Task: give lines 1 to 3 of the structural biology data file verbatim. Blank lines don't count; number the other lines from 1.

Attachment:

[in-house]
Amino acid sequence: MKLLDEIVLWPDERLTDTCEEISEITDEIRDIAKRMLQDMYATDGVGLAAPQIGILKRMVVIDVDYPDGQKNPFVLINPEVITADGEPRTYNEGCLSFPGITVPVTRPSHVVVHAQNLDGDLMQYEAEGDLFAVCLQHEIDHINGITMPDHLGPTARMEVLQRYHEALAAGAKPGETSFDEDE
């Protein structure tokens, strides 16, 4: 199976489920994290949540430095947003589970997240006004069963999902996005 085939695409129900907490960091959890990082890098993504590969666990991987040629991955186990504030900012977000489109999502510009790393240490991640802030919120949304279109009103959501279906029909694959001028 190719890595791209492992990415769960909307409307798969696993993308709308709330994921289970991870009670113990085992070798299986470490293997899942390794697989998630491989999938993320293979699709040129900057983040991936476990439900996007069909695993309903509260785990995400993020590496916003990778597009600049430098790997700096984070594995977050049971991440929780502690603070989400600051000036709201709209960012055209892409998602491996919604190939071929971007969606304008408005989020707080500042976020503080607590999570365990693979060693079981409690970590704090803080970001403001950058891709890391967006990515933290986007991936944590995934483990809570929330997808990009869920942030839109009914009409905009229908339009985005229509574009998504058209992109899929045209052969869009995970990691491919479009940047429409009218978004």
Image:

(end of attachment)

[in-house]
Amino acid sequence: MKLLDEIVLWPDERLTDTCEEISEITDEIRDIAKRMLQDMYATDGVGLAAPQIGILKRMVVIDVDYPDGQKNPFVLINPEVITADGEPRTYNEGCLSFPGITVPVTRPSHVVVHAQNLDGDLMQYEAEGDLFAVCLQHEIDHINGITMPDHLGPTARMEVLQRYHEALAAGAKPGETSFDEDE
């Protein structure tokens, strides 16, 4: 199976489920994290949540430095947003589970997240006004069963999902996005 085939695409129900907490960091959890990082890098993504590969666990991987040629991955186990504030900012977000489109999502510009790393240490991640802030919120949304279109009103959501279906029909694959001028 190719890595791209492992990415769960909307409307798969696993993308709308709330994921289970991870009670113990085992070798299986470490293997899942390794697989998630491989999938993320293979699709040129900057983040991936476990439900996007069909695993309903509260785990995400993020590496916003990778597009600049430098790997700096984070594995977050049971991440929780502690603070989400600051000036709201709209960012055209892409998602491996919604190939071929971007969606304008408005989020707080500042976020503080607590999570365990693979060693079981409690970590704090803080970001403001950058891709890391967006990515933290986007991936944590995934483990809570929330997808990009869920942030839109009914009409905009229908339009985005229509574009998504058209992109899929045209052969869009995970990691491919479009940047429409009218978004």